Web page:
• Chris I

        Ehem… it’s a (North American) nickel dropped into a nickel mine.

  • Thomas

    Sorry, but this is BS … If his invention worked there would be plenty of backers who would commercialize this … But of course, Rossi wouldn’t become rich …

    It’s absolutely okay to admit this fact publicly … Everyone understands it …

    • Stephen Goodfellow

      I agree. For obvious reasons, appeals to make this magic open source will have no effect on Rossi or Defkalion, but their employees? 🙂

    • Chris I

      For that to happen, it isn’t sufficient for it to work. It requires people to know how to get the results Rossi claims, or believe it does enough to put serious effort into it.

    • Cliff

      Rossi is completely correct. The best way to market is to have a relatively small, highly encentivized team. The best way to get that done is with people who expect to make a profit. It has nothing to do with Rossi becoming rich. His becoming rich has only to do with his success. Giving the tech away will ensure that it takes longer to get to market. Anyone that thinks open sourcing it will make it universally available is dreaming.

      The basic tech has been available for decades since Pons and Fleischmann, but I don’t see all that open source stuff producing energy, do you?

      Also, in regard to the Linux vs Microsoft comparison, I agree it is not completely appropriate, except in one way. What operating system was on the original PCs? It wasn’t Unix which was opened up to open source and from which Linux was derived. It was CPM. Who took over the market from CPM? It was Microsoft, not Unix. Why did Bill Gates bother? Was it because he could serve mankind by opening computing up to the masses? No, it was because there was money to be made and it made Bill Gates rich. If he had given the DOS code away, we’d have waited for years to get PCs. We might still be using terminals hooked to mainframes or minicomputers. Instead, it was to Bill Gates’ advantage for products using DOS to get to market. That’s how it’s done. That works and it always works. It’s human nature.

      In regard to Linux, it didn’t take off until Red Hat which was not open source.

      What’s different about the comparison? Anyone with a PC (thanks to Bill Gates and Steve Jobs) costing less than $1,000 can work on open source code. On the other hand, Rossi has poured millions of dollars into the e-cat. He’s invented the reactor, the tools to make the reactor, the tools to test the reactor and anything else needed to figure it out. Bill Gates did not invent the microcomputer. Bill Gates, who was a great programmer, by the way, took an already existing DOS and tweaked it to make it workable. Was his total outlay millions? Nope, so we’re talking apples (pun intended) and oranges.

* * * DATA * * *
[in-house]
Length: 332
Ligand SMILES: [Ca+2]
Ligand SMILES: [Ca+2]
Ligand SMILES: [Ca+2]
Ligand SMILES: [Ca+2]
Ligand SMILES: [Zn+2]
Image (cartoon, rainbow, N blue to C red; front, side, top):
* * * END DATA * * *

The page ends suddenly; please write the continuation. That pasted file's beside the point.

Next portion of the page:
Socialists have this dream that everybody having access to everything will one day work. But it never does, never has. But they still dream and scheme. Until the Socialists are willing to work for free, they should not propose that Rossi work for free. Put in the thousands and thousands of hours that Rossi has on some dream of your own, and then tell me Rossi should give it away.

      • Robert Ellefson

        Why do people invest money in new bakeries? There was never a patent issued on baking bread, I’m fairly certain.

        What about new cars? Elon Musk invested a lot of money in his new technologies for cars; do you know how many fundamental patents are protecting his innovations? Not many!

        What about wine? Who holds the patents for that? Is any investment happening in the winemaking industry without patents?

        • Cliff

          Apples and oranges again.

          Bakeries are not new tech. They don’t produce anything new, tasty, but not new.

          Elon Musk is dealing with old tech and he doesn’t need to invent much. In other words, he didn’t invent the car, or even the electric car. Cars were never new tech. They were an evolution of bicycles and other things and could be built in your garage out of things you could make with simple tools.

          Wine is not new tech. People have been making and drinking wine for thousands of years. On the other hand, why are some brands more expensive than others? Trade secrets. Yeah, they probably don’t patent their process or formula, but it’s secret.

          How about the SR-71 Blackbird. How was that developed? A small motivated team funded by a large corporation intent on making something that nobody else could make and getting a pile of money for it. All of it was kept secret.